Already under threat, Venice’s traditional gondola shipyards now lie silent apart from the gentle sound of canal water lapping at their doorsteps.
When Italian master Canaletto was painting his panoramas of the floating city in the 18th century, the “squeri”, as they are known, were ten a penny. Now only four of the small shipyards remain.
All of them have been at a near or complete standstill since a blanket ban on sailing gondolas was imposed during the coronavirus pandemic.
“Venice without gondolas is dark and meaningless,” said Roberto Dei Rossi, one of the few remaining traditional carpenters who build the long black boats.
The 58-year-old crafts between four and five gondolas a year by hand, each one taking some 400 hours to make.
“Every time I put a new one into the water, it’s like witnessing a birth. It’s my creation,” he told us.
– Fit for a king –
The boats are just over 10 metres (32 feet) long, 1.38 metres wide and weigh 600 kilogrammes (1,320 pounds).
They are made up of 280 pieces of wood from eight different species of tree — oak, larch, walnut, cherry, basswood, cedar, mahogany, and fir.
They are bought almost exclusively by gondoliers, who pay between 30,000 euros ($33,000) and 50,000 euros depending on the finish.
Each is made to measure and adapted to the weight of its new owner.A gondola rides under the Rialto bridge
“We also have had a few enthusiasts who have placed orders with us, in the United States, Germany and Japan,” said Dei Rossi.
They were once considered a present fit for a king: some, along with their gondoliers, were offered by Venice’s Doge to France’s Louis XIV for the “royal flotilla” that sailed on the Palace of Versailles’ Grand Canal.
The bulk of the fleet now glides along the canals of Venice, punted by some 400 gondoliers.
Would-be newcomers have to bid for a limited number of navigation licences granted by the city hall.
These are glum times for gondoliers though: the pandemic has put a temporary end to romantic tours by water.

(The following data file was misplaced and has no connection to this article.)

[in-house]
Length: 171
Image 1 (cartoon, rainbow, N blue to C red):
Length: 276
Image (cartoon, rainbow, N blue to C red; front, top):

The sector had already suffered during exceptional high tides at the end of last year, which put off tourists and damaged boats.
They will sail again once tourists are allowed to return to Italy from June 3, covering their noses and mouths with masks — a far cry from the city’s flamboyant carnival costumes.
– ‘Axe masters’ –
Italy’s government imposed a national lockdown in early March. Images of pristine waters in Venice after marine traffic was halted went viral around the world.
But the long shutdown was bad news for the shipyards, which not only make but also repair and maintain gondolas.Elisabetta Tramontin sands a gondola at the historic Tramontin shipyard
It has been particularly hard for the Tramontin shipyard, the oldest workshop still active in Venice.
Bordering the Ognissanti Canal, it was taken over by two young sisters in 2018 after the death of their father Roberto Tramontin, heir to a family business founded by his great-grandfather in 1884.
“With dad no longer around, the main thing was missing,” said Elena Tramontin, 33, who decided along with her younger sister Elisabetta to do what they could to keep the company alive.
“We had to reinvent ourselves,” she told us.
Despite having no experience and no previous plans to enter the gondola-building business, they took the plunge, relying heavily on the help of gondola carpentry experts known as the “maestri d’ascia”, or “axe masters”.The coronavirus pandemic has put a temporary end to romantic tours by water
“My sister is in charge of public relations, the cultural side of the business, which is important, and I paint and do some small repairs on the boats,” Elisabetta Tramontin said.
The art graduate, 30, says that despite the obstacles — be they high tides or viruses — they are determined to honour their father’s memory and transform “Tramontin and sons” into “Tramontin and daughters”.
“You don’t get rich with this job, you have to have passion. But it does bring a lot of satisfaction,” she said.